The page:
The combination of length of time, pace of the course and intensity of communication at various points, were key factors contributing to drop off in participation and increase in facilitation workload. I think it will be possible to reduce the number of topics without compromising the quality of the course, and minimise inefficiencies through smarter design of activities and combination of topics.

For example, the start of the course was a hellish workload for everyone as the first couple of weeks relied on the use of an email forum to coordinate and communicate. The initial number of interested people overwhelmed the email forum with technical preparations and introductions, as well as repetitive questions and some off topic or inappropriate suggestions (innappropriate considering the wide range of experience levels among the participants). Next time I will design a buffer period at the start of the course so as to absorb most of this initial flurry and spread it in a way that creates less noise and stress to people entirely new to the technology. Rather than centralising communications in an email forum at the start, my thoughts are to decentralise and make it appear as though its a very quiet and individual start, but slowly bring it together through activities over the following weeks (and eventually to an email forum if required). This could more successfully demonstrate the idea of networked communications. This approach should allow people to focus on tasks as they attempt to master fundamental tools like their blogs. This buffer period would need to involve unique and interesting activities so that technically experienced people are presented with an engaging enough start that will occupy their enthusiasm in a more helpful and constructive way for the people with less experience. I’m considering the use of Youtube for initial introductions from everyone in video forum mode… as suggested by Craig Hansen. Using Youtube in this way is commonly perceived as a technically difficult task, but is in fact a simple process – probably resulting in a confidence boost for many participants.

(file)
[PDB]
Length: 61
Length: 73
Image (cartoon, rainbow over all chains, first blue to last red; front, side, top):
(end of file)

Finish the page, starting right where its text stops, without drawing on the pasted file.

A successful activity in the course was the course miniconference. The measure of success is not in terms of numbers of participants, but in the clarity of learning outcomes evident in the blog posts of those who took part in it, such as Elaine. This activity seemed to greatly benefit a number of people’s understanding of key theoretical points discussed in the course. Without this activity, we are sure that such understanding would not have developed. Kay Lewis suggested that a dummy run of the online conference earlier in the course would have helped develop understanding sooner and thus given her the opportunity for deeper learning once the proper mini conference took place. I’m still thinking about how to work two conference activities into the course without loosing other important topics, but and tending to think that given the overview nature of the course, I’m not sure if anything beyond an ah-ha moment is needed… hopefully that moment would be enough to motivate the participants to go out and seek their own opportunities and test new ideas for themselves once the course is over.

Over all the course was a success both in terms of learning outcomes for participants, feedback obtained so far, and my own learning while developing and testing this new models and the techniques needed to facilitate it. There is still some work needed to be done with the administrators of the course to make sure they understand how it is run (very differently to the Blackboard they are used to), what they need to do to support the course, and discussion on how we can accomodate the internationalisation better. Thankfully they have been quite open to the developments so far.

Thanks to all those people who took part and helped carry FOC08 through to the end.